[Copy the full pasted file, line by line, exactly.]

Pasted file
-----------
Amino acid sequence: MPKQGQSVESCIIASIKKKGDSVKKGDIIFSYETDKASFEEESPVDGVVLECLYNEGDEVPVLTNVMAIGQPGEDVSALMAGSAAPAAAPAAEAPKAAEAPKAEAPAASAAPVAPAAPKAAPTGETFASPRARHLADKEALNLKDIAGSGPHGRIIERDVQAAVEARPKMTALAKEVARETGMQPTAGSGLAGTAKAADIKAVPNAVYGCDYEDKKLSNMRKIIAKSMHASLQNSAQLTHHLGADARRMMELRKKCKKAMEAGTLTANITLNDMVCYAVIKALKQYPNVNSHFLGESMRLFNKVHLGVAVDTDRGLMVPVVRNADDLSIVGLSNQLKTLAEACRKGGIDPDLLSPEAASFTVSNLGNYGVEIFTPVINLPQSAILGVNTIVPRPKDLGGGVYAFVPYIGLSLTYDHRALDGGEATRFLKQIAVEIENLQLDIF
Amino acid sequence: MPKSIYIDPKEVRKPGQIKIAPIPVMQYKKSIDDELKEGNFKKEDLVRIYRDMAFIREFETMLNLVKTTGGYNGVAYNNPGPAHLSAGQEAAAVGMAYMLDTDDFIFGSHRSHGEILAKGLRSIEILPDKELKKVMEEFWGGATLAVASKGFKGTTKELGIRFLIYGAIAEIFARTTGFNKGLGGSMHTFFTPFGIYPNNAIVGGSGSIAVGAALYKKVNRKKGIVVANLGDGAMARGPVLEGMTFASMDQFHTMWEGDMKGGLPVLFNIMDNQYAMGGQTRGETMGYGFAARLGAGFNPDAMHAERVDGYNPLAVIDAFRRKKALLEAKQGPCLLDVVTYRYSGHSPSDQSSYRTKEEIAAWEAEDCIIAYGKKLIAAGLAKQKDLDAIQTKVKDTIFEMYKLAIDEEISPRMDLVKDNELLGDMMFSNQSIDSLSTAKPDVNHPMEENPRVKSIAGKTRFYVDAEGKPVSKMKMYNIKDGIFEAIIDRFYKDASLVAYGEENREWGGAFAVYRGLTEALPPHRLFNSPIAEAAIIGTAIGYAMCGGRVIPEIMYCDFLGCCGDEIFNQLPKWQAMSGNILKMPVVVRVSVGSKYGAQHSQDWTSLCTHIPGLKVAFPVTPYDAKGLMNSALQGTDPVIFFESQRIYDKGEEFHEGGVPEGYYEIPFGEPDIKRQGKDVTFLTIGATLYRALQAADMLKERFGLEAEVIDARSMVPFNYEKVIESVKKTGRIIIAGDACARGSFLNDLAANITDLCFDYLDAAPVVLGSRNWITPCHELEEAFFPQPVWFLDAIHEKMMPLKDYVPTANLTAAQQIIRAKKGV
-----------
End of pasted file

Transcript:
Amino acid sequence: MPKQGQSVESCIIASIKKKGDSVKKGDIIFSYETDKASFEEESPVDGVVLECLYNEGDEVPVLTNVMAIGQPGEDVSALMAGSAAPAAAPAAEAPKAAEAPKAEAPAASAAPVAPAAPKAAPTGETFASPRARHLADKEALNLKDIAGSGPHGRIIERDVQAAVEARPKMTALAKEVARETGMQPTAGSGLAGTAKAADIKAVPNAVYGCDYEDKKLSNMRKIIAKSMHASLQNSAQLTHHLGADARRMMELRKKCKKAMEAGTLTANITLNDMVCYAVIKALKQYPNVNSHFLGESMRLFNKVHLGVAVDTDRGLMVPVVRNADDLSIVGLSNQLKTLAEACRKGGIDPDLLSPEAASFTVSNLGNYGVEIFTPVINLPQSAILGVNTIVPRPKDLGGGVYAFVPYIGLSLTYDHRALDGGEATRFLKQIAVEIENLQLDIF
Amino acid sequence: MPKSIYIDPKEVRKPGQIKIAPIPVMQYKKSIDDELKEGNFKKEDLVRIYRDMAFIREFETMLNLVKTTGGYNGVAYNNPGPAHLSAGQEAAAVGMAYMLDTDDFIFGSHRSHGEILAKGLRSIEILPDKELKKVMEEFWGGATLAVASKGFKGTTKELGIRFLIYGAIAEIFARTTGFNKGLGGSMHTFFTPFGIYPNNAIVGGSGSIAVGAALYKKVNRKKGIVVANLGDGAMARGPVLEGMTFASMDQFHTMWEGDMKGGLPVLFNIMDNQYAMGGQTRGETMGYGFAARLGAGFNPDAMHAERVDGYNPLAVIDAFRRKKALLEAKQGPCLLDVVTYRYSGHSPSDQSSYRTKEEIAAWEAEDCIIAYGKKLIAAGLAKQKDLDAIQTKVKDTIFEMYKLAIDEEISPRMDLVKDNELLGDMMFSNQSIDSLSTAKPDVNHPMEENPRVKSIAGKTRFYVDAEGKPVSKMKMYNIKDGIFEAIIDRFYKDASLVAYGEENREWGGAFAVYRGLTEALPPHRLFNSPIAEAAIIGTAIGYAMCGGRVIPEIMYCDFLGCCGDEIFNQLPKWQAMSGNILKMPVVVRVSVGSKYGAQHSQDWTSLCTHIPGLKVAFPVTPYDAKGLMNSALQGTDPVIFFESQRIYDKGEEFHEGGVPEGYYEIPFGEPDIKRQGKDVTFLTIGATLYRALQAADMLKERFGLEAEVIDARSMVPFNYEKVIESVKKTGRIIIAGDACARGSFLNDLAANITDLCFDYLDAAPVVLGSRNWITPCHELEEAFFPQPVWFLDAIHEKMMPLKDYVPTANLTAAQQIIRAKKGV